Jimmy J. Hwang, MD
An emergence of new treatment options has revitalized the outlook for patients with metastatic pancreatic cancer and advanced hepatocellular carcinoma (HCC), but the next set of unanswered questions includes the role of immunotherapy and establishing second-line standards of care, respectively, said Jimmy J. Hwang, MD.
State of the Science Summit™ on Gastrointestinal Malignancies, Hwang shed light on updates in both metastatic pancreatic cancer and advanced HCC that have created new complexities for researchers.
OncLive: How would you define the metastatic pancreatic cancer space?
: With regards to FOLFIRINOX and gemcitabine/nab-paclitaxel [in the frontline setting], how do we make the decision of who gets what? Are there ways we can do better? [Second-line therapy] was something that was inconceivable a decade ago, but it's pretty clear based on recent data that there is benefit [to using it]. Therefore, similarly to frontline therapy, what should we be doing?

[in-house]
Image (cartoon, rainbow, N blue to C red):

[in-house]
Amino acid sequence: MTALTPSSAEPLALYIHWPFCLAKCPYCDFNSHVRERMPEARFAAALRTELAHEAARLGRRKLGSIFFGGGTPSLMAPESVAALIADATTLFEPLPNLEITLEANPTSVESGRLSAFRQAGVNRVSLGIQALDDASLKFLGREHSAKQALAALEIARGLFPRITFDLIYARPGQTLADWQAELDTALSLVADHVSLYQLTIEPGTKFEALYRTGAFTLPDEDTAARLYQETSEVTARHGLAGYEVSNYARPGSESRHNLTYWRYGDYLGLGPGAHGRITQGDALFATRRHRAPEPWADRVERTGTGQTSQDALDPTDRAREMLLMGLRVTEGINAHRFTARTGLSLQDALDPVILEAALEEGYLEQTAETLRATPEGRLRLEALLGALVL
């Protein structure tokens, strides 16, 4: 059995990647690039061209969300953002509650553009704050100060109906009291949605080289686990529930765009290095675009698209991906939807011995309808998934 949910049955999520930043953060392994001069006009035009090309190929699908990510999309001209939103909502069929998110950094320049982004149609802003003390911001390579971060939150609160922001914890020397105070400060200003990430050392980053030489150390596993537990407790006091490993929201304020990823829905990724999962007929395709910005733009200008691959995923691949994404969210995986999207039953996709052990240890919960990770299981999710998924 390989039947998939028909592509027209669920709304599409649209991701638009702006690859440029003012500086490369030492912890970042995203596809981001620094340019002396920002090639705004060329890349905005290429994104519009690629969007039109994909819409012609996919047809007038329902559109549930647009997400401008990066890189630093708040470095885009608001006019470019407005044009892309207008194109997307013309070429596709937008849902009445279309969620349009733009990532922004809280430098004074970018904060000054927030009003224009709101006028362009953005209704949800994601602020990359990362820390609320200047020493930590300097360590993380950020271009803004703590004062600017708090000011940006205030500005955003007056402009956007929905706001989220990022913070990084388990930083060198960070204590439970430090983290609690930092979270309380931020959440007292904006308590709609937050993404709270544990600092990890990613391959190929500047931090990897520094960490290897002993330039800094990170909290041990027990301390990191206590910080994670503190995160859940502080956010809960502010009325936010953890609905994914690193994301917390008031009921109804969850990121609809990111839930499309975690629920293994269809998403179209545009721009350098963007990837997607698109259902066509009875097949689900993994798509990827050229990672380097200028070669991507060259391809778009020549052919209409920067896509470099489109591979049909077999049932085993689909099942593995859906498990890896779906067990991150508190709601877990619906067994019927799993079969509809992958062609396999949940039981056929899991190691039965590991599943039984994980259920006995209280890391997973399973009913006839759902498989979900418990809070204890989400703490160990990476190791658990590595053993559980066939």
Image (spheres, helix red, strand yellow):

How do you choose between the 2 frontline options?
You can make choices based on efficacy—at least what we perceive to be differences in efficacy. You can make decisions based on logistics and on your patient's functional status and comorbidities. The same is true in the second-line setting. Because there are several different potential options to select for, you can have those discussions with patients about what they value. What kinds of risks are they willing to take, based on the benefits each treatment may potentially bring to the table?
What therapies are being explored in clinical trials that could take these options to the next level?
As with [other solid tumors], the 2 main areas of exploration end up being immunotherapy and targeted therapy. Targeted therapy, over the course of the last few years, hasn't panned out as well as we hoped. We are always looking for new targets.
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